Beauty and cruelty merged in quite the most audacious way imaginable at John Galliano's autumn/winter 2003 collection for Christian Dior shown in Paris yesterday. Shiny blood red and vivid purple skin-tight rubber trousers were laced up the front in a brazenly unforgiving manner. T-shirts in the same material came right up over models' faces – they were the ultimate SM designer masks.
And as for the shoes ... suffice to say that any present in the audience with even the mildest liberal intentions would balk at towering platform-heeled sandals buckled and bound to the point where even true professionals could barely walk. But this was, in the end, precisely the point. This is fashion, after all: it's not meant to be politically correct and these were fashion victims in the true and most gorgeous sense of the words.
There were less obviously highly sexed garments. Galliano visited China last winter for inspiration. This was apparent in bright silks and bold floral prints, but fused always with an overriding American sportswear theme. And so hybrid kimono/bomber jackets came with double stripes and numbers on the back, a witty nod to Asia's new bourgeoisie. Carried over from the designer's extraordinary haute couture collection for Dior shown last January was an exaggeration of proportion and silhouette that fairly dwarfed the world's most tall and slender frames: an outsized white leather trench coat was one high point; a gold silk evening coat another.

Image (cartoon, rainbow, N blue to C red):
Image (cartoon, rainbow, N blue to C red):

The genius of Galliano is that however extreme his vision, and however "difficult" clothes may seem at first sight, he continues to produce the season's bestsellers.
It's all too easy in such a competitive climate to serve up clothes that are easy on the eye but ultimately bland. This was anything but.
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